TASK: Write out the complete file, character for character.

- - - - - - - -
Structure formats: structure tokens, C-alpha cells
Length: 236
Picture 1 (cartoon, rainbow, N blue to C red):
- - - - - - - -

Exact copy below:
Structure formats: structure tokens, C-alpha cells
Length: 236
Picture 1 (cartoon, rainbow, N blue to C red):